3 Ways to Extend Your Stay in a Foreign Country
You may think that because you have a U.S. passport, it is all you need
for international travel, and for 173 countries that is mostly true.
Your U.S. passport will gain you entry to these countries without a
visa, but only for short stays. Most countries offer visa-free tourist stays
of 15 days to one year; 60 and 90 day stays are the most common. But
what happens if at the end of your authorized stay, you are not ready
One option is to appeal to immigration for an extension
while you are in the country. This is easier in some countries than
others, depending on their immigration laws. It usually requires
visiting immigration offices in major cities, which are often crowded
with long waits, providing an adequate reason for extending your stay,
and paying extension fees. There is usually a limit to the number of
times you can request an extension, so you may not get what you want.
Another option is to overstay your tourist card
the date of your authorized stay is reached, if you stay in the country
without making an effort to obtain an extension, you are considered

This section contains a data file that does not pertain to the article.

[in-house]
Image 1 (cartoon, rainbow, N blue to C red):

"out of status" which is a nice way of saying you are in the country
illegally. The consequences vary by country for being out of status,
but may include being fined (fines usually must be paid before exiting
the country), deported, prosecuted under the law, or possibly
restricted to a far out date or blacklisted altogether from returning
to the country. This is a pretty risky, not to mention illegal, option.
A third option is the ever popular visa run
it is called a visa run, it does not actually involve a visa and is
used in countries where a valid passport is all that is required for entry
In this instance, the tourist crosses a border into a neighboring
country and returns, therefore starting the authorized stay over again,
also known as restarting the clock. The risk with this option is that
immigration officers at the border may deny re-entry, particularly if
they think you are using visa runs to live in the country on a tourist
Visa runs are nearly impossible in countries that put a limit on the
number of days you can be in the country in a calendar year or
establish a period of time you must be out of the country before
reentry. In other countries, it is such a common way for non-nationals
to live in a country that entire industries have sprung up around it.
For example, in Thailand
a Google search will return a number of companies that offer visa run
services. It has become so commonplace that Thai officials have
recently changed the rules to make it more difficult. Your safest bet
is to follow the immigration protocol for each country and if you find
you need a long-stay visa, call on an expeditor to help you get one.
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